Damariscotta Baptist Church
Tuesday, October 23, 2018
Growing personal relationships with God and community

05/22/16 Sermon - Life Ressurected

“Life Resurrected”

Acts 9:32-43


I am not sure if it’s been done or not, but the past few chapters of Acts, would make for a great drama series. There are certainly plenty of big and exciting events that would appeal to just about anyone in our culture.

We’ve had flamed topped disciples, speaking in tongues, a dramatic stoning, a villain who has been struck by an amazing light, and remained blind for three days, following, only to become a hero.

And now with this passage, we have Peter, one of the stars of our show, re-entering the scene with not only an incredible healing but creating a climatic finish by raising a woman from the dead.

We could entice the audience to tune into this drama by appealing to their desire for entertainment. Our placard could read,

“See what amazing things can be accomplished in the power of God?”

“You too can experience this powerful healing.”

For those looking for drama and excitement, it can surely be found in the Scriptures. But this is not the reason for why it was written. We need to remember, Luke has written the book of Acts as a continuation of his gospel, where he first revealed Jesus’ miraculous healings. The early church as described in Acts was continuing the ministry of Christ.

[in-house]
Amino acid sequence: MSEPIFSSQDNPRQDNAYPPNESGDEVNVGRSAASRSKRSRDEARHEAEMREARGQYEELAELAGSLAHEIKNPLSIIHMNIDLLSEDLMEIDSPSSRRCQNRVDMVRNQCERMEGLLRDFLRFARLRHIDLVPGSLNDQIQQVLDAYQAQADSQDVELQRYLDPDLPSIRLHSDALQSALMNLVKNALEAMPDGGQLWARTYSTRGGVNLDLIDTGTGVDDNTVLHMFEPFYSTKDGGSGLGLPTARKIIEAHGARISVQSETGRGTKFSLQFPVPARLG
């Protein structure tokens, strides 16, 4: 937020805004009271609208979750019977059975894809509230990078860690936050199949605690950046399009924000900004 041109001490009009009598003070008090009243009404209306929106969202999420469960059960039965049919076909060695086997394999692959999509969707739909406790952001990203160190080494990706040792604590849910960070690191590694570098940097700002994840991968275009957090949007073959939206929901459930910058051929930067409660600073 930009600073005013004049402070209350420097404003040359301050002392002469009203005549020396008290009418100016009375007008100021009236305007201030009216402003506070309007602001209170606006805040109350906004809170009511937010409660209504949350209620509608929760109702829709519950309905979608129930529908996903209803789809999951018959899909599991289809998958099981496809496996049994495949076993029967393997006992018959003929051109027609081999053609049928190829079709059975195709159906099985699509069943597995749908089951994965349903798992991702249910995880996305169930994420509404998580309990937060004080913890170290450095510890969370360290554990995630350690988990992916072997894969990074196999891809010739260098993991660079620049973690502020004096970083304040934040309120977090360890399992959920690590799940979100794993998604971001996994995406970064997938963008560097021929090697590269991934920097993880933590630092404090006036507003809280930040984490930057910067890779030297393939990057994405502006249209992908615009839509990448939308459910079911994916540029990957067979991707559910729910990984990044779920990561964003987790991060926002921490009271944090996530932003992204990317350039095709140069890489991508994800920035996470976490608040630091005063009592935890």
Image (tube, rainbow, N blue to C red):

As we learned in Mark 2, “the Kingdom of God is at hand” and we see that in Acts the Holy Spirit, keeps reminding us that the Kingdom of God continues to come to earth.

As we read about the miracles Peter has accomplished, I think we could also read between the lines and begin to see just how vulnerable Peter was. If we look at Peter from his human side, and focus on his vulnerability, I think we will find a way to connect to Peter in a personal way.

Let’s face it. Peter has been a definite star when it comes to performing miracles. Tabitha certainly was not his first. There was the beggar, who couldn’t walk, begging for alms at the temple gate;  and Sapphira who lied to Peter about the amount of money she and her husband had made in their property transaction and instantly she was dead; And we read about Aeneas today, being healed after eight years of being bed ridden.

Let’s step aside for a minute and think of how the average human would have responded to having such power.

Could there ever have been a temptation for Peter to begin thinking he could actually do these things on his own?

Many of us can relate to how Peter could have experienced the ultimate struggle of self-sufficiency.

Self-sufficiency is often seen as a good thing.